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Mir, Belarus

 
 Some pictures were found in a box of old photographs that belonged to my grandfather, Joseph Jacobson. He lived in Mir, before coming to the United States in 1884 at age 14 to live in Des Moines, Iowa. His older brother Hyman Isaac had come to Des Moines to work as a Shochet (ritual butcher). Hyman Isaac encouraged his brothers Moses and Joe, his married sister Malka and her husband Isaac Chapman, nephews and a variety of cousins to move to Iowa in the years before the turn of the century. These photos seem to have been taken some time after WWI, but well before WWII. Because they have numbers on the front, I think that they are part of a series that may have been for sale, possibly at a talk about someone's trip to Eastern Europe. My grandfather died in 1932, so the photos would have been taken before that time. Photographs can be a way of entering the past. It is how I first found my way to Mir. Mir, Belarus, view into old village
I posted the photos on this web site in late August 1998, under the title "Might be Mir" with the hope that someone might know for sure. Two people whose ancestors also came from Mir contacted me by e-mail within a few days. They assure me that this was indeed Mir and provided more details. If you have ancestors from Mir, please let me know and share information. If you have old photos in this series or any pictures of Mir, I would be happy to put them on these web pages. Please e-mail me: rkimble@uoregon.edu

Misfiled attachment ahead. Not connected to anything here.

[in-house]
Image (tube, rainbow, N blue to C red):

Close up of Mir street
A close up of the center of the old photo of Mir.

This is a close-up of the photo above. Now you can see the road going uphill. Just beyond the bridge, notice how close the buildings are to each other and how narrow the road becomes once it enters the town.

I guess that the poles are for telegraphy wires, but I cannot see that wires have been strung.

According to a visitor to Mir in the mid 1990s, the town did not have running water in many homes or public buildings. In the 1990s, there were four pumps, powered by electricity, in four corners of the town where one could bring containers and get water to carry home. Other water pumps were still hand operated.

Old Mir left side
A close up of the left side of the old photo of Mir.
Buildings and children in Mir
The shul. Rick Saffran said this synagogue was called the "beit haknesset hacar" which means the cold shul. It is still standing today and in 1996 was being used as a school. (click on photo to see enhanced views) The Cold Shul
Updated August 2007

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